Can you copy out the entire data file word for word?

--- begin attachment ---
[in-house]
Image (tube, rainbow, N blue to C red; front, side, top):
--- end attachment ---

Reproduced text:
[in-house]
Image (tube, rainbow, N blue to C red; front, side, top):